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Lana`i: Shipwreck Beach


For my next day on Lana`i, I reserved a rental vehicle. Lana`i has few roads, mostly within Lana`i City and down to Manele Bay or to the airport and the big harbor. With the excellent bus service, a car is simply a waste of money. However, for the more adventurous, 4WD Jeeps are available to explore the far ends of the island which can only be visited via dirt roads — many of which are bumpy and must be traversed slowly.

Unfortunately, there is only one rental agency and they charge $145 per day plus tax and you buy the gasoline (which is also quite expensive — as I recall well over $5 a gallon). Fortunately, the Hotel Lana`i has a special deal for their guests. If you rent a Jeep through the hotel, the rental rate is "only" $125 per day.

The weather on the previous day was beautiful — not so on this day — clouds and scattered rain. I tried to rent a Jeep on the previous day but none were available. Looking at the sky, I wondered if it might be better to wait for the following day. Unfortunately, the reservation is non-cancelable — they will charge you the full one-day rental rate if you change or cancel with 24 hours of the reservation time.

Further, because of the overnight rains, there were destinations that I wanted to visit that were off limits even in a 4WD. If you ignore their restrictions and get stuck — the charges to rescue you climb into the stratosphere. Well, I guess that gives me additional reasons to visit Lana`i again (in addition to wanting to visit my Lana`i friends, Larry and Darlene).


Trying to make lemonade out of the lemons that Mother Nature and a rental car monopoly had served me, I headed to Shipwreck Beach on the northeast side of the island. As you may have guessed, the name comes from the number of ships that have run aground on the rocky shoals just offshore.

This signpost is located way down a dirt road — fortunately, there was only one spot along the way that was a bit dicey to get through. There is even a sign warning people who rented a Jeep to park here — because the road ends shortly thereafter with no easy way to turn around.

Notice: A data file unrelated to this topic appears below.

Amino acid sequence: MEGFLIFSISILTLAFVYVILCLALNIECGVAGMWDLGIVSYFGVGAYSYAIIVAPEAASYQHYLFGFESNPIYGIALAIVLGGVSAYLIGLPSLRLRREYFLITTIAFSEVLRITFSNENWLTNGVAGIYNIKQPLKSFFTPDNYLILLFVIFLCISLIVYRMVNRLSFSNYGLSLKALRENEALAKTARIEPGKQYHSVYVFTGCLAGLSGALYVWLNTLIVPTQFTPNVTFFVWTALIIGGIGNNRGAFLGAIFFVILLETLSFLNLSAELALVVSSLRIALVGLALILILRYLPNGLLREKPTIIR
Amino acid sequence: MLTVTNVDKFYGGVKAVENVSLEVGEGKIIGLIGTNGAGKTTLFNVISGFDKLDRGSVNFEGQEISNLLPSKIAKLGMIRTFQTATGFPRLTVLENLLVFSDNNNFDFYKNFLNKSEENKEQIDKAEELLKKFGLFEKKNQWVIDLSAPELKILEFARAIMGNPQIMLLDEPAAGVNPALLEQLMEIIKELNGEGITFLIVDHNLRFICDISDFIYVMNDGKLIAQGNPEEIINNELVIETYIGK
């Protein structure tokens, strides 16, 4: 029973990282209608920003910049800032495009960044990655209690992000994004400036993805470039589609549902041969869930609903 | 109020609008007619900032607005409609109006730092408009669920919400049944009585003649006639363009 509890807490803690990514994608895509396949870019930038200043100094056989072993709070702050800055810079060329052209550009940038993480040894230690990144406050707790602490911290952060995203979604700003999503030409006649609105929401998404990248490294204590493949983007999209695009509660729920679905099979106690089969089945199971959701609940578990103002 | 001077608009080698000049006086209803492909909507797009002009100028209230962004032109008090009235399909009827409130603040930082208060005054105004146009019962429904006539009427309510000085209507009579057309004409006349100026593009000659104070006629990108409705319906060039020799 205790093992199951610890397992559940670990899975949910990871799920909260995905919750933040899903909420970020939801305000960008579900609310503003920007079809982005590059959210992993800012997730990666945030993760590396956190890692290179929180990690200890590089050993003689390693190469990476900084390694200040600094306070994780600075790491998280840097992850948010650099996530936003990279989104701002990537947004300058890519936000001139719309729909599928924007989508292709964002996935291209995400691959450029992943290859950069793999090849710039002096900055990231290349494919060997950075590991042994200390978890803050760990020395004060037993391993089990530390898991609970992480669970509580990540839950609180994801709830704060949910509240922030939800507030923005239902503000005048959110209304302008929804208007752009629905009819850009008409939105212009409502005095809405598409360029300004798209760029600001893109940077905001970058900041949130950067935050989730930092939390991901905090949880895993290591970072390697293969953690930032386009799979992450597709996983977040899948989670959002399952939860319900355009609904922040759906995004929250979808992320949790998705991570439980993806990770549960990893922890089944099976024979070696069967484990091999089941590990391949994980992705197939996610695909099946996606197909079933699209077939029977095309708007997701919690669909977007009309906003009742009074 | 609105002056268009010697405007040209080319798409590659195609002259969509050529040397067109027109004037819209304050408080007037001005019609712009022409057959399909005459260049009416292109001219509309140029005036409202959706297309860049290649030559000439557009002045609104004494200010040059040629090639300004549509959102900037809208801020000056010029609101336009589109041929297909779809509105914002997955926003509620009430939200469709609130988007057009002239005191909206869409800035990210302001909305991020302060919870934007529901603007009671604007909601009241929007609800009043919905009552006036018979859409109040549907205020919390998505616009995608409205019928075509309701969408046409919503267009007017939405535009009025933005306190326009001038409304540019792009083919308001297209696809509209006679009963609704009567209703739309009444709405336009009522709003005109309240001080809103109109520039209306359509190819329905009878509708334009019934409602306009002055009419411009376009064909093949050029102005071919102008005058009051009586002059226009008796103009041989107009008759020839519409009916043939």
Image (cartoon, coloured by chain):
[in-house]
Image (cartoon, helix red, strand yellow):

As you can see, this does not look like the typical beach in Hawai`i with a beautiful broad expanse of sand, perhaps with dark lava framing the ends of the beach. It is rocky everywhere with a little sand dropped in between. They recommend that you do not swim here due to the powerful currents that can drag you over the numerous underwater reefs.

However, a visit can be rewarding just to view the flotsam and jetsam that wash ashore here. It is no surprise to find nets and other fishing debris. However, you might also find the remains of some of the shipwrecks. On a previous trip, I found a rusting boiler that had washed up and was partially buried in the sand.

Not unexpectedly, you will also encounter natural items such as these coconuts. With their fibrous husks, coconuts may even look like something else — I think the one in the foreground looks like a red-headed porcupine.

Surprisingly, some of the shoreline rocks were covered with algae. I would have expected that the wave action would have kept them clean. I guess I would have been wrong.

I hiked quite a way, enjoying the solitude, the beautiful view and interesting curiosities when I stopped to pause for a drink of water. I looked back and my footprints were the only ones on the beach at this point. How cool!

Only to be surprised by a tree wearing a sandal.

Wow! An interesting and artistic piece of driftwood. And beyond what looks like a ship.


On closer inspection, this appears to be a concrete ship. Some were constructed near the end of World War I and World War II due to the shortage of steel. If you look closely, you can see that much of the concrete has eroded away, leaving only rusting rebar.

A quick Google search tells me that the ship is WWII vintage and was intentionally grounded here to dispose of it. It reminds me of the WWI concrete ship that was scuttled in 1929 off Seacliff State Beach just south of Santa Cruz — as a tourist attraction. It is also decaying and breaking apart in the ocean waves there. It sits less than a mile from my old home in Rio Del Mar (my home during the early 1980's).


Another curiosity — a tree tunnel. You couldn't go very far — before you begin to feel like the forest is closing in on you.

However, one also finds the occasional beautiful flower — here is Lantana which is common in Arizona as a landscaping plant. In Hawai`i it is considered an invasive noxious weed (at least by the University of Hawaii). Pretty weed though.

Then I saw a crab — and I slowly approached taking multiple photos — not knowing when he would spot me and dart off. I found it odd that he allowed me to get within arms length — then I realized that it was dead — probably killed by a bird which must have eaten the soft parts and left the shell intact. Now that bird is a neat eater.

Life is good.

Aloha,
B. David

P. S., All photos and text © B. David Cathell Photography, Inc.